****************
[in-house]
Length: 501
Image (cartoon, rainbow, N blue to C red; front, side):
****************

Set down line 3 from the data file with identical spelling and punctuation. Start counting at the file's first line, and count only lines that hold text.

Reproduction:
Image (cartoon, rainbow, N blue to C red; front, side):